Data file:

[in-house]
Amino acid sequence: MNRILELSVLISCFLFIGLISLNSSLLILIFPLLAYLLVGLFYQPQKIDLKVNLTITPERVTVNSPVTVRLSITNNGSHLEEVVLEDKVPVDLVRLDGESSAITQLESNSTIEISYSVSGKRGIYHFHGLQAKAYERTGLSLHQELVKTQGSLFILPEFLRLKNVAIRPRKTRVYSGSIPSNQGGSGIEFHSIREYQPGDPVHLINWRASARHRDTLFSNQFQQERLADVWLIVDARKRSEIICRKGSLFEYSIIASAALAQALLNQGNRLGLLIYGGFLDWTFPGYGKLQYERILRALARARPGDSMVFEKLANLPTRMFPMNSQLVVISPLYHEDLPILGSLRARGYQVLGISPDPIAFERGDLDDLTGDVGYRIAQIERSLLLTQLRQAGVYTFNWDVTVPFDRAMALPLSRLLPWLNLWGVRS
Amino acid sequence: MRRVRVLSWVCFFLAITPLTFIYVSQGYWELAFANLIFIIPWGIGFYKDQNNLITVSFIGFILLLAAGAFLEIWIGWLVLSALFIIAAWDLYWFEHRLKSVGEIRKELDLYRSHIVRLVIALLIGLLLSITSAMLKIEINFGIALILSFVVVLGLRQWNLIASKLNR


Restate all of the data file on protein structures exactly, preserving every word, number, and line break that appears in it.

[in-house]
Amino acid sequence: MNRILELSVLISCFLFIGLISLNSSLLILIFPLLAYLLVGLFYQPQKIDLKVNLTITPERVTVNSPVTVRLSITNNGSHLEEVVLEDKVPVDLVRLDGESSAITQLESNSTIEISYSVSGKRGIYHFHGLQAKAYERTGLSLHQELVKTQGSLFILPEFLRLKNVAIRPRKTRVYSGSIPSNQGGSGIEFHSIREYQPGDPVHLINWRASARHRDTLFSNQFQQERLADVWLIVDARKRSEIICRKGSLFEYSIIASAALAQALLNQGNRLGLLIYGGFLDWTFPGYGKLQYERILRALARARPGDSMVFEKLANLPTRMFPMNSQLVVISPLYHEDLPILGSLRARGYQVLGISPDPIAFERGDLDDLTGDVGYRIAQIERSLLLTQLRQAGVYTFNWDVTVPFDRAMALPLSRLLPWLNLWGVRS
Amino acid sequence: MRRVRVLSWVCFFLAITPLTFIYVSQGYWELAFANLIFIIPWGIGFYKDQNNLITVSFIGFILLLAAGAFLEIWIGWLVLSALFIIAAWDLYWFEHRLKSVGEIRKELDLYRSHIVRLVIALLIGLLLSITSAMLKIEINFGIALILSFVVVLGLRQWNLIASKLNR